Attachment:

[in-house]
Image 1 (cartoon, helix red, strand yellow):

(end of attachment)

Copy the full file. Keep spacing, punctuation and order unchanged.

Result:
[in-house]
Image 1 (cartoon, helix red, strand yellow):